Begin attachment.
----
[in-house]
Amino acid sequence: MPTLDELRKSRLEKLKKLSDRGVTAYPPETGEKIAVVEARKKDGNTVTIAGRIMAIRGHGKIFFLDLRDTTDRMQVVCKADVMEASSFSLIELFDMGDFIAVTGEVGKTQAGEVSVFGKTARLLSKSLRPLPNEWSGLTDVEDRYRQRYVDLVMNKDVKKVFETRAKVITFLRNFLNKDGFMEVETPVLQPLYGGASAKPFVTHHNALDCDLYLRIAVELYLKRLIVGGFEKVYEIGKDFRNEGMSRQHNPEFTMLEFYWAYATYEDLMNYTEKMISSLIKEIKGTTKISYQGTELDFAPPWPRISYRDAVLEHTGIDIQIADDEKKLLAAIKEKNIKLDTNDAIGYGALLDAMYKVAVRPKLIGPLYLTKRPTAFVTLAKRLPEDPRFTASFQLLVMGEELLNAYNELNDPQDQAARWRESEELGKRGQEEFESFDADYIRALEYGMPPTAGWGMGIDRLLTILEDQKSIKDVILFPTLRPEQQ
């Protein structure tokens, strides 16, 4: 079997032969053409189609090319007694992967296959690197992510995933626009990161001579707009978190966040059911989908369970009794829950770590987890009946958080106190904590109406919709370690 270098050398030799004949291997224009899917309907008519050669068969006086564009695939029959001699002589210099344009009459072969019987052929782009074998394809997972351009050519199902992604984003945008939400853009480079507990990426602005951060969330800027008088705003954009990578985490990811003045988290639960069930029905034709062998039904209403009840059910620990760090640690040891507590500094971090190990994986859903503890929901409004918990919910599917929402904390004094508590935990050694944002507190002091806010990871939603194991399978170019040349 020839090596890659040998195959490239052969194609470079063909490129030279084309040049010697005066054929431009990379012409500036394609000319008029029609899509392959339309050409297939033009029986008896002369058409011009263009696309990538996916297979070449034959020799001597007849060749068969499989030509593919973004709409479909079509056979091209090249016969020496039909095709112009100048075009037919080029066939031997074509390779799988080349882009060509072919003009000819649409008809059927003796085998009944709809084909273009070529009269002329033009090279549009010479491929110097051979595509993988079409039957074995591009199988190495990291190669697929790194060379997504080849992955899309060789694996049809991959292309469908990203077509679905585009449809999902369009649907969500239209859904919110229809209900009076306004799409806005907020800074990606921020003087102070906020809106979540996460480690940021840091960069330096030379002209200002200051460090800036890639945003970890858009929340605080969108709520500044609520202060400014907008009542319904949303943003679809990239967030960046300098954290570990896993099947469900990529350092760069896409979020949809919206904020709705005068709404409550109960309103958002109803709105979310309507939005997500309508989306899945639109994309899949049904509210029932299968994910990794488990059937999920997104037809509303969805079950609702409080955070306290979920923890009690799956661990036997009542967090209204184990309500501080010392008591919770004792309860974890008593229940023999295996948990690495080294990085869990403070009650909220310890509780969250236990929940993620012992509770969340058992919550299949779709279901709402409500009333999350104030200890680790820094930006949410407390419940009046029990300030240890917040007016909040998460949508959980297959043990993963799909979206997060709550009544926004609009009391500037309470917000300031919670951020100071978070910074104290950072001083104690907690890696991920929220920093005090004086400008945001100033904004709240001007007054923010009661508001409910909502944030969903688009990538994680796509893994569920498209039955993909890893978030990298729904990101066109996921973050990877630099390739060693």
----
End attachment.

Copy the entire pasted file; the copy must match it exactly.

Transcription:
[in-house]
Amino acid sequence: MPTLDELRKSRLEKLKKLSDRGVTAYPPETGEKIAVVEARKKDGNTVTIAGRIMAIRGHGKIFFLDLRDTTDRMQVVCKADVMEASSFSLIELFDMGDFIAVTGEVGKTQAGEVSVFGKTARLLSKSLRPLPNEWSGLTDVEDRYRQRYVDLVMNKDVKKVFETRAKVITFLRNFLNKDGFMEVETPVLQPLYGGASAKPFVTHHNALDCDLYLRIAVELYLKRLIVGGFEKVYEIGKDFRNEGMSRQHNPEFTMLEFYWAYATYEDLMNYTEKMISSLIKEIKGTTKISYQGTELDFAPPWPRISYRDAVLEHTGIDIQIADDEKKLLAAIKEKNIKLDTNDAIGYGALLDAMYKVAVRPKLIGPLYLTKRPTAFVTLAKRLPEDPRFTASFQLLVMGEELLNAYNELNDPQDQAARWRESEELGKRGQEEFESFDADYIRALEYGMPPTAGWGMGIDRLLTILEDQKSIKDVILFPTLRPEQQ
């Protein structure tokens, strides 16, 4: 079997032969053409189609090319007694992967296959690197992510995933626009990161001579707009978190966040059911989908369970009794829950770590987890009946958080106190904590109406919709370690 270098050398030799004949291997224009899917309907008519050669068969006086564009695939029959001699002589210099344009009459072969019987052929782009074998394809997972351009050519199902992604984003945008939400853009480079507990990426602005951060969330800027008088705003954009990578985490990811003045988290639960069930029905034709062998039904209403009840059910620990760090640690040891507590500094971090190990994986859903503890929901409004918990919910599917929402904390004094508590935990050694944002507190002091806010990871939603194991399978170019040349 020839090596890659040998195959490239052969194609470079063909490129030279084309040049010697005066054929431009990379012409500036394609000319008029029609899509392959339309050409297939033009029986008896002369058409011009263009696309990538996916297979070449034959020799001597007849060749068969499989030509593919973004709409479909079509056979091209090249016969020496039909095709112009100048075009037919080029066939031997074509390779799988080349882009060509072919003009000819649409008809059927003796085998009944709809084909273009070529009269002329033009090279549009010479491929110097051979595509993988079409039957074995591009199988190495990291190669697929790194060379997504080849992955899309060789694996049809991959292309469908990203077509679905585009449809999902369009649907969500239209859904919110229809209900009076306004799409806005907020800074990606921020003087102070906020809106979540996460480690940021840091960069330096030379002209200002200051460090800036890639945003970890858009929340605080969108709520500044609520202060400014907008009542319904949303943003679809990239967030960046300098954290570990896993099947469900990529350092760069896409979020949809919206904020709705005068709404409550109960309103958002109803709105979310309507939005997500309508989306899945639109994309899949049904509210029932299968994910990794488990059937999920997104037809509303969805079950609702409080955070306290979920923890009690799956661990036997009542967090209204184990309500501080010392008591919770004792309860974890008593229940023999295996948990690495080294990085869990403070009650909220310890509780969250236990929940993620012992509770969340058992919550299949779709279901709402409500009333999350104030200890680790820094930006949410407390419940009046029990300030240890917040007016909040998460949508959980297959043990993963799909979206997060709550009544926004609009009391500037309470917000300031919670951020100071978070910074104290950072001083104690907690890696991920929220920093005090004086400008945001100033904004709240001007007054923010009661508001409910909502944030969903688009990538994680796509893994569920498209039955993909890893978030990298729904990101066109996921973050990877630099390739060693």